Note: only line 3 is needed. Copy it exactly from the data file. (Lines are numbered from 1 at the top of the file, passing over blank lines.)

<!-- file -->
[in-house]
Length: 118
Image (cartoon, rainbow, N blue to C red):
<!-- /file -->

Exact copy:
Image (cartoon, rainbow, N blue to C red):